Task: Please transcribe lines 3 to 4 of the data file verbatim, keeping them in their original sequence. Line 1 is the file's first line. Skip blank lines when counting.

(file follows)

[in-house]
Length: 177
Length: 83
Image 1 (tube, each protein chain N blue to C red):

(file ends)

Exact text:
Length: 83
Image 1 (tube, each protein chain N blue to C red):